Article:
|The Biafran Ciphers|
The idea to this release comes from different inputs. One is GCHQ’s 100 years anniversary and their promised release of many post-war documents in conjunction with the publication of their authorised history written by Professor John Ferris entitles “Behind the Enigma: The Authorized History of Gchq, Britain's Secret Cyber Intelligence Agency“. This made me realise that my Crypto Cellar now is more than 50 years old and that perhaps I also was sitting on documents of some historical or curiosity value. That the selection became the Biafran radio messages containing a large number of cipher messages is due to my good friend Jan-Olof Grahn’s publication of the third volume of his books on Swedish signal intelligence, “Om svensk signalspaning: Kalla kriget” — “On Swedish signal intelligence: The Cold War.” Here Jan-Olof Grahn has a section on the Nigerian Civil War, also known as the Biafran War, running from 6 July 1967 to 15 January 1970 or 925 days. He reveals that Biafra had a radio telex or radioteletype (RTTY) link from a station in Portugal, called Biscaia, to a station in Biafra, called Luanda/3 or simply LDA/3. However, perhaps the most surprising is that the Swedish signal intelligence agency, Försvarets radioanstalt — FRA, was following this traffic from late summer 1967 until the last day the link operated on 30 January 1970 and that they were breaking the cipher messages and reading the traffic. They first detected the station Luanda/3 operating on the frequency 17320 kHz with teleprinter messages in the international teleprinter code ITA2, also known as the Baudot/Murray code, with a speed of 50 Baud. A few days later the other end of the link, the station called Biscaia or BIS, was discovered operating on the frequency 20877 kHz. Direction finding showed that the stations were indeed operating in the direction of Luanda in Angola and in the region of Biscaia or northern part of Spain or Portugal. Later information from the telegram traffic made FRA believe that LDA/3 was situated inside Biafra and BIS most likely was situated in or close to Lisbon in Portugal.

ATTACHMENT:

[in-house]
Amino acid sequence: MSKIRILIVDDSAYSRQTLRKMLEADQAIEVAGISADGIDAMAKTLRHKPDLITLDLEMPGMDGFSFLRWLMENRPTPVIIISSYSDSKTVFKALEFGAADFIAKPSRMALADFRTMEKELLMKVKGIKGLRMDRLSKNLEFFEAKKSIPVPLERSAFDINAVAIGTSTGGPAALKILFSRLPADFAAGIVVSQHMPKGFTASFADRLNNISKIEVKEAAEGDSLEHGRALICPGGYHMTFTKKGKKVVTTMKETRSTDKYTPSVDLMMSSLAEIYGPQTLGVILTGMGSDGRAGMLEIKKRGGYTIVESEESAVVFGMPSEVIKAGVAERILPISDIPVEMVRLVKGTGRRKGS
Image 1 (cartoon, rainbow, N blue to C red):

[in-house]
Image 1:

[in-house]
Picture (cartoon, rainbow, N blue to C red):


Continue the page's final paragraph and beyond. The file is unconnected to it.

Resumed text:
The messages published here are not from FRA, they no longer have copies of the raw traffic and the messages published by Jan-Olof Grahn in his book comes from me. The background story of how I obtained these messages in August and October 1969, exactly 50 years ago, I will leave for later perhaps as a posting on my blog Crypto Cellar Tales. What I can say is that the messages were received in Norway in a similar way to how FRA received the messages, however both the receiving equipment and the antennas were probably much inferior to the FRA equipment. The LDA/3 was spotted a few times but the signal was too weak for reliable reception and therefore all the messages are from the station in Biscaia, BIS.
Unfortunately also my collection of this material has been unintentionally weeded due to many removals and also a case of an accidental flooding of a cellar storage place. What is published here is all what is left. What I know is missing is the radio log with all the notes and also several pages with operator chats from the Biscaia station. The few notes that are left shows that the messages were received on mainly three frequencies: 19270 kHz, 20890 kHz and 23800 kHz. The last frequency has the date 19 October 1969 which might indicate that it was only spotted on this single day. What I remember is that sometimes the stations would operate close to but not exactly on these two main frequencies. The reason for this was probably due to disturbences from other services in that range of frequencies. Most likely the stations were operating illegally in the sense that they used frequencies not allocated by international or national agreements. The Luanda station using the call LDA/3 looked initially as a callsign allocated to Norway and I therefore reported this to the Norwegian Telecommunication Administration with copies of some of the traffic. However, they did not seem duly concerned and they only asked me to inform them if I was able to establish the exact locations of the Luanda and Biscaia stations, something I never succeeded in doing.